1. Expert Q&A: Protecting a person with dementia from financial abuse - Weds 26 June, 3:30-4:30 pm

    Financial abuse can have serious consequences for a person with dementia. Find out how to protect a person with dementia from financial abuse.

    Sam, our Knowledge Officer (Legal and Welfare Rights) is our expert on this topic. She will be here to answer your questions on Wednesday 26 June between 3:30 - 4:30 pm.

    You can either post questions >here< or email them to us at talkingpoint@alzheimers.org.uk and we'll answer as many as we can on the day.

  1. susan.wisdom

    susan.wisdom Registered User

    Oct 8, 2005
    20
    As previously mentioned my aunt has dementia and is an insulin dependent diabetic. She needs carers to make sure she eats her meals, but she has no insight into this and all she says is that I have been ok for 6o years. She is in hospital at the moment, what should we say to her to try and make her see that she needs carers when she says she doen't? If she doesnt eat she will have a hypoglycaemic attack and end up in hospital again, unlike non-diabetics it does matter if she misses the odd meal. How do make her see reality when she has no insight. Any advice welcome please.
     
  2. connie

    connie Registered User

    Mar 7, 2004
    9,519
    Frinton-on-Sea
    Susan, my own opinion is that you must just go ahead and put/keep carers in place with regards to regular meals.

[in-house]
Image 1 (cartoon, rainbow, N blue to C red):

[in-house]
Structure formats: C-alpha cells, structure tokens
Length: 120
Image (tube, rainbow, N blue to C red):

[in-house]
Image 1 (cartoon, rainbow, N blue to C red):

As you say you cannot reason with Auntie on this problem, she does not fully understand and does not remember.
    If you take carers away it just seems she will soon be back in hospital.
    How you manage this is another matter. I probably haven't helped, but just wanted you to know someone was listening.
    Take care, Connie
     
  3. Norman

    Norman Registered User

    Oct 9, 2003
    4,348
    Birmingham Hades
    Susan
    I agree with Connie.
    You must ignore the protestations and send in the carers,Auntie will accept it eventually.
    Remember you cannot reason with the unreasonable
    Norman
     
  4. rummy

    rummy Registered User

    Jul 15, 2005
    700
    Oklahoma,USA
    This thread will help me too as we are preparing to have someone start coming in to help my Mom. This is a baby step though for now and not health critical like your situation. I know my Mom will pitch a fit though and am dreading it. Guess this is one of those tough love situations?

    Debbie
     
  5. Canadian Joanne

    Canadian Joanne Volunteer Moderator

    Apr 8, 2005
    15,982
    Toronto, Canada
    Yes, it is a tough love thing. Unfortunately, there comes a point when we have to choose between allowing the AD person the dignity of making their own decisions and stepping in.

    Susan, with your diabetic auntie, just go ahead & put things in place. One thing - do you or another family member have PoA? Not sure how it works in the UK, but in Ontario it can be very difficult to get anything done without one.
     
  6. KarenC

    KarenC Registered User

    Jun 2, 2005
    122
    Los Angeles, USA
    Debbie, I don't know what state your mom is in, but if she is borderline as to needing help, you may be able to start slow with a lot of "control" on her part, which might go over better with her. When my mom started needing help (she was then in the "independent" level of a 3-tier retirement community) we hired a companion/caregiver for one morning a week. We made it clear that Mom did *not* have to have this person looking over her shoulder if she didn't want. The caregiver would report in, and if Mom told her to go away, she would go sit in the lobby, and just check a couple more times during the morning. At first what went over best was if there was something specific to do, like a doctor appointment to go to. Mom *did* get used to the lady, and in fact got very fond of her and looked forward to her visits because the lady would take her out to get a hamburger for lunch, etc.